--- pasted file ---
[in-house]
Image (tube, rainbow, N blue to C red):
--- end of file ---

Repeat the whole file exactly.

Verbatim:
[in-house]
Image (tube, rainbow, N blue to C red):